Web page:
Found by Gary Pullan during the morning of 20th June, a first- (or possibly second) summer Arctic Tern was still present there yesterday, allowing Jon Cook to capture some clearly instructive images of a bird which would normally be expected to spend the northern summer south of the Equator. A tiny proportion is, however, known to accompany adults when they move north in spring, although they are likely to wander and do not usually appear in breeding colonies.

Any tern with a white forehead and a predominantly dark bill, seen in late spring/early summer, is likely to draw attention, as it stands out from the typical fully black-capped, red-billed Common and Arctic Terns normally encountered on spring passage or, in the case of Common Tern, breeding in the county. Identifying it to species is one thing and ageing it correctly is another.

Jon’s excellent series of photos nicely illustrate its identity, which is straightforward, given good views in the field. In the first image, against the light the translucent primaries are clearly visible, immediately putting the bird in the Arctic camp before any full assessment of the plumage detail.

First-summer Arctic Tern, Hollowell Res, 22nd June 2020 (Jon Cook)

A check of the upperside of the primaries also adds to this identification, as they are ‘clean’ and uniform, lacking the darker, unmoulted outer primaries of both first- and second-summer Common Tern.

First-summer Arctic Tern, Hollowell Res, 22nd June 2020 (Jon Cook)
First-summer Arctic Tern, Hollowell Res, 22nd June 2020 (Jon Cook)

There is a darker bar on the leading edge of the wing coverts, which looks more prominent in some photos than others. First-summer Common Tern would also show this but in combination with darker (not white) secondaries.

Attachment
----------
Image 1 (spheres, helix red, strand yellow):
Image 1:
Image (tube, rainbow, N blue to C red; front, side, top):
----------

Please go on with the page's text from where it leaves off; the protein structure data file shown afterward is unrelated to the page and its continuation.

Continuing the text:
First-summer Arctic Tern, Hollowell Res, 22nd June 2020 (Jon Cook)

The overall ‘neat’ proportions also look right for Arctic Tern, although in some photos the bill looks rather long but this is probably accentuated by the white forehead.

Leg colour is said to be variable – see, for instance, Terns of Europe and North America (Larsson & Malling Olsen, 1995) and this bird has a definite redness associated with its legs.

First-summer Arctic Tern, Hollowell Res, 22nd June 2020 (Jon Cook)

Bill colour of second-summer is said to be red like that of an adult but with a dark tip to the upper mandible and a darker base. The images above appear to depict an all dark bill but the one below, from Adrian Borley, taken on 20th in different light conditions, appears to show some redness in the bill’s centre, as well as some brown tones to the dark crown. The underparts are a mixture of grey and white. The last two features are said by Larsson & Malling Olsen (1995) to be indicitave of second summer birds.

First-summer Arctic Tern, Hollowell Res, 20th June 2020 (Adrian Borley)

The Hollowell bird appears to show features of both first- and second-summer. Any further comments on its age would be welcomed.

Rarity Round-up, 13th to 19th June 2020

A slow-moving low pressure system over the UK dragged in a mixed bag of warm air and showers from the east, on the back of which were just about enough birds to keep spirits up during a traditionally quiet period.